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Shan govt keeps brain drain at bay with vocational grads

Myanmar Times (online), 15 November 2017 - VOCATIONAL schools don’t just give people a leg-up, they improve the employment rate, facilitate entrepreneurship and help sustain the value chain within the region.

U Tun Linn Oo, assistant director of Shan government Small-scale Industries Department (SSID), U Ko Ko Thet (SSID staff officer) and U Min Kyi (SSID assistant engineer) spoke to The Myanmar Times on how their department works to develop the skills-level of Shan’s younger population.

The department has opened vocational schools which offer courses in bamboo handicrafts, agriculture-based value-added products, baking, wineries and textiles.

“We have also set up two weaving schools in Taunggyi and Kyaung Me which focus on traditional fabrics,” U Tun Linn Oo said.

Apart from agriculture and handicrafts, vocational workshops cover handmade cosmetics -- thanakata, cosmetic lotions -- baking, culinary skills, motorcycle repair and more, while organising trade fairs for those small manufacturers and linking them up with Yangon and Mandalay’s markets.

“We organise short-term courses and workshops in different cities in Shan. For example, we conduct a one-month workshop for motorcycle repair, while handicraft workshops last for 15 days, food industry for about 10 days and handmade cosmetics for seven days,” he added.

U Ko Ko Thet said that the target is to run 25 different courses annually as well as inviting government organisations to organise 35-40 training courses as well. So far since the department’s establishment, 87 courses have been conducted and 1962 students have been trained.

Small-scale industries and economy

The SSID was established on January 1, 2015. Its portfolio covers setting up vocational training, supporting local household industries, arranging course training with other organisations and encouraging local entrepreneurship in small-scale industries.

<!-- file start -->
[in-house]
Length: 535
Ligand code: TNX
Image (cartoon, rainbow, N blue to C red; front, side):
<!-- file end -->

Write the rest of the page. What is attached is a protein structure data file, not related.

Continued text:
The SSID programmes target young people who cannot pursue further education in tertiary institutions, allowing them to acquire some skills to make a living, such as being mechanic.

“Most of these industries are in the food manufacturing sector, such as producing jam and juice. These small-scale industries in food manufacturing are vital for Shan’s economic development because we produce a lot of agriculture products.

“During harvest, tomato prices fall due to the increase in supply. We export them out of Shan to manufacture the raw materials. If we can generate value-added products within the state, we’ll be able to maximise revenue,” U Ko Ko Thet explained.

While SSID offers the training, the region relies on microfinance institutions, including the SME Bank, to provide the capital. The SME Bank offers loans to graduates of the SSID workshops who have two years of experience.

The interviewees added that the department first looks at the data from UNDP on the level of interest in individual villages concerning different courses and then goes on to design the programmes.

For them, human capital is the single biggest obstacle for the development of small-scale sectors.

The department also offers technology assistance, for example, in testing consumer, agri products and cosmetics. The assistant director said that there is a market demand for better quality so the SSID is supporting businesses to improve theirs. This ranges from food safety and standards to cosmetics quality.

“With sufficient vocational training, young people can start their own businesses, contribute to our economy and facilitate entrepreneurship,” the officials remarked.



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